The current federal government is the same — micromanaged from the PMO, everything has to be cut to meet the agenda of the handful of people who are running the country. This automatically entails huge bureaucratic control, because it means that every detail has to be supervised.

    Unhappily, I can’t see anything about this state of affairs changing. Canadian politics, like those elsewhere, have gradually been remade in the image of advertising. That automatically means the kind of control over image that advertisers have become good at, and such imaging requires a great deal of control.

    I have wondered more than once, however, whether the City should consider merging the TTC with the rest of its transportation divisions, such as that responsible for streets. If the department were big enough, I wonder if even the “senior” governments would have to give in to some local prioritisation at the expense of federal or provincial election concerns. Of course, a department that big would be the source of its own difficulties, so it’s hard to know whether it’d be a good idea in the long run.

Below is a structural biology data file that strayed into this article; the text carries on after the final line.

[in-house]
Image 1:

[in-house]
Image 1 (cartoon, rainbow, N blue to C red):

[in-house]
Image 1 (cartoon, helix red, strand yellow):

I was, as you probably realize, being ironic. It is hard to write anything about the Tories without taking that tone because, as you describe, they so thoroughly violate the very principles “conservatism” is supposed to espouse. In many ways, I am a fiscal conservative (don’t spend what you don’t have), but part company with the Conservatives on which programs the government should fund and how they should raise the money to do so.

    As for the TTC taking over the City Transportation function, from a budget point of view, the TTC is already huge, and tacking on the roads spending won’t make a big enough change to really alter the profile of transit. The biggest problem we have is that Council talks a good line on transit, but bends to road interests at almost every opportunity.